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Should You Promote Your Top Sales Person to Sales Manager?

by Dec 8, 2009, 5:05 am ET

sailor_logoAEarly Greek mythology tells tales of sailors lured by Sirens. Their sweet music mesmerized the sailors and led them to believe that the illusion was reality. Ultimately, those sailors who blindly followed the tunes crashed their ships on the rocks and their boats sank.

Sirens lure business executives and small business owners too. The song that the Sirens sing has one line … “Promote my top salesperson, put six people underneath them, and generate six times the sales.” And, like the sailors, many business executives and their companies have been led into harm’s way.

A promotion? The first issue with promoting your top salesperson into sales management is that it’s not a promotion at all. The promotion perception is the first way the Sirens get you. Sales management is not a job elevation; it’s a job change. If you consider this move as a promotion, you probably send a congratulatory email and hold a luncheon for the new sales manager. A nice handshake is offered and the new manager is sent to achieve grandeur. This approach delights the Sirens and your ship is sunk!

If you handle this as a job change, your approach is completely different. Since this is a new job, you provide training and mentoring as well as monitor their performance. As the manager of the new sales manager, your role is to help them successfully assimilate into their new role.

Top Seller = Top Sales Manager? Before we go any further, we need to take a step back. The second way the Sirens trick you is they lead you to believe all great salespeople can become great sales managers. Some certainly do. And, some pretty good salespeople become rock star managers. And some great salespeople fail miserably at sales management.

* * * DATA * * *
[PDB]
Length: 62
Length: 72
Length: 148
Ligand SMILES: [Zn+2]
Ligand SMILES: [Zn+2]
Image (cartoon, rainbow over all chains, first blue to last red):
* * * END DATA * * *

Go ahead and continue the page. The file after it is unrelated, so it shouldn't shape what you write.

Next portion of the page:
Before moving your top salesperson into the sales management ranks, consider the ramifications of this move. You are taking your rainmaker out of the sales game where they’ve generated millions of dollars for your company. While your hope is that your theory of “disciple selling” (placing six people underneath the new manager and getting six times the sales) becomes proven, that is rarely the case. If it was so easy to clone a rainmaker, every company would do it. Quite frankly, the “disciple selling” dream is flawed. Again, you’ve been duped by the Sirens. The sole reason to place someone in the role of sales manager is that you feel that they have the potential to succeed in that capacity.

What does all of this tell you? You need a process and methodology to evaluate sales management candidates … just like you evaluate sales candidates. And, even though the rainmaker got on your radar screen because they blew out their quota, their sales management candidacy should be handled the same way you would if you were considering an external sales management candidate. Don’t skip any steps in the evaluation process!

Profile the Role. This evaluation starts with the development of your profile of the ideal sales manager for your company. Think about what it takes to succeed in the role and document those elements as part of your profile. Once you’ve prepared your list, identify each element as either required or desired.

With your profile developed, the next step is to develop a screening process that allows you to compare and contrast the candidate with the profile. It is critical during this process that you ascertain why this successful seller aspires for management, and ensure that you set clear and accurate expectations of a day in the life as a sales manager in your company. In addition to interviews, you may want to consider tools to help identify a synergistic match like personality and proficiency assessments.

If your rainmaker succeeds in the evaluation process, you’ve found your sales manager. If not, don’t lose the revenue! Keep this seller selling!

Positioning Your New Sales Manager to Succeed. With your new sales manager hired, there are four keys to making the venture successful.

  1. Support. The first is dealing with the sales team. Yesterday, she was a peer. Today, she is the manager. The new manager needs your help in developing managerial respect. The reaction to the new manager will be mixed. Some will be fully supportive, but there will also be some on the team who are jealous and attempt to undermine her efforts. The key message for you to deliver to your new sales manager is that she has your unwavering support.
  2. Mentoring. Your new manager needs a resource to guide them through the neophyte status: a mentor. Don’t just look within the organization for a mentor candidate. Many sales management consultants mentor and develop new sales managers. The role of the mentor is to bridge the managerial knowledge, skills, and experience gap.